Ahmed Saadeddin, parliament’s secretary-general, disclosed last month that the number of appeals filed against the results of elections stood at 251. “All of these were filed in the Court of Cassation in line with the constitution,” said Saadeddin, adding that “the court issued rulings on these appeals within 30 days from the date in which the final result of the election was announced.”

Abdel-Moneim Al-Oleimi, a veteran independent MP, told the Weekly that as far as he knows, the Court of Cassation ruled that the membership of around 50 MPs should be invalidated. Al-Oleimi, a member of the Constitutional and Legislative Affairs Committee, indicated that the court had said the election in the districts of these MPs “was rife with grave irregularities that had dramatically impacted the result of the poll. The biggest irregularity was that the vote count was not completed in a correct way and that when a new count was held, the result of the poll changed in favour of the rival candidate who filed an appeal,” Al-Oleimi said.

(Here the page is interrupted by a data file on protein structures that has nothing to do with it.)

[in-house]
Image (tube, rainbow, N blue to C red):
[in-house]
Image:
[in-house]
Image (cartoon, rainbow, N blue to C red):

Oleimi indicated that the problem with Al-Shobaki’s appeal is that two different rulings were issued by the Cassation Court. “The first ruling said no grave irregularities had impacted the result of the ballot in Dokki and Agouza districts in Giza governorate, while the second said the final vote count was not correct and that a new count showed that Al-Shobaki came out ahead of Ahmed Mortada Mansour by 301 votes,” said Al-Oleimi, indicating the appeal might be sent back to the Cassation Court “to unify the two rulings”.

The Court of Cassation, however, said in a statement last week that its first ruling on Dokki district was not related to Al-Shobaki’s appeal. “Al-Shobaki’s appeal was investigated by judges who launched a new vote count of all ballot boxes in Dokki and Agouza, with the final result showing that Al-Shobaki led Ahmed Mortada Mansour by 301 votes. For this reason, Mansour’s parliamentary membership should be invalidated and Al-Shobaki declared the winner of the vote,” the court’s statement said.